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Home » Football News

Wolff Drafted by the NFL Eagles

April 29, 2013
Hoke County High School



New Philadelphia Eagles coach Chip Kelly said he and other staffers were holding their collective breaths Saturday afternoon as the first two selections in the fifth round of the 2013 National Football League draft were announced.

The Eagles held the third pick in the fifth round, and had a specific player in mind to use it on - N.C. State safety Earl Wolff.

"He was a guy we had targeted and thought would go a lot higher,'' Kelly said during a post-round teleconference. "We were holding our breath to see if we could get through the (first two) picks.''

Kansas City selected Georgia cornerback Sanders Commings, and the Jacksonville Jaguars picked Michigan quarterback Denard Robinson as a running back before Kelly would get his man.

The Eagles made Wolff the third pick in the fifth round and the 136th selection overall.

Wolff, from Hoke County, was the first of two former Cape Fear region high school graduates to be selected on the final day of the draft. Southern Lee wide receiver Aaron Mellette, who was a Football Championship Subdivision All-American at Elon, was the 32nd player taken in the seventh round by the reigning world champion Baltimore Ravens.

Wolff, the 5-foot-11, 209-pounder has an extended family in Philadelphia, including his grandmother. Wolff spent Friday and Saturday watching the draft with many of those relatives at a local hotel where they gathered to view the proceedings.

When the phone call came about 2 p.m. from the Eagles telling Wolff they were going to select him, a celebration erupted around him.

"It was crazy,'' Wolff said in an interview with philadelphiaeagles.com. "I had an uncle here with a (Eagles) shirt and hat on. Once I answered the phone call and he heard me say, 'Yes sir, I would love to come to Philadelphia,' my uncle was jumping all over me.''

Wolff becomes the first Hoke County player taken in the NFL draft since defensive back C.J. Gaddis in 2007. Like Wolff, Gaddis was selected in the fifth round (159th overall) and by the Philadelphia Eagles.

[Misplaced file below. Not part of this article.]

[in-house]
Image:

As a running back and safety at Hoke County, Wolff earned All-Cape Fear region honors as a senior in 2007. But despite his high school success, N.C. State was the only major college to offer him a scholarship after watching him perform in their summer camp prior to his senior season at Hoke.

Wolff rewarded the Wolfpack after a redshirt freshman season in 2008 by making 43 starts, 400 tackles, and seven interceptions in contributing to 29 victories over the next four seasons. He earned first-team All-Atlantic Coast Conference honors last season after leading N.C. State with 119 tackles.

Kelly spoke to former N.C. State offensive coordinator Dana Bible before the draft about Wolff. The Eagles also received reviews about Wolff from former N.C. State defensive backs coach Mike Reid, who worked for Philadelphia from 2002 to 2006 as an assistant coach.

"He's an explosive guy who can run and jump,'' Kelly said. "He's a tough, hard-nosed, physical player. In talking to some of their coaches before picking him, they couldn't say enough good things about him. They said he's the type of guy you want in your building.''  See Coach Kelly's interview.

Long wait

Wolff had to wait almost 42 hours after the start of the draft to hear his name called. The first round of the draft was conducted Thursday, followed by rounds two and three Friday. Some pre-draft projections had Wolff being taken in the third round, but when that didn't occur, he came back Saturday for about a two-hour wait until the Eagles called.

"It was kind of nerve-wracking,'' Wolff said. "You are anxious. But the excitement you feel when you see your name go across the TV screen and you see that phone call come in ... it's kind of hard to talk about. I've been blessed in so many different ways.''

The family connection to Philadelphia may cause Wolff to be hunting for tickets to Eagles games next fall.

"Almost all my family still lives in North Philly,'' he said. "I used to go up there each summer to spend time, but I haven't been up there since about the 12th grade. I had about 15 members of my family from Philadelphia here with me now. My grandmother is extremely happy.''


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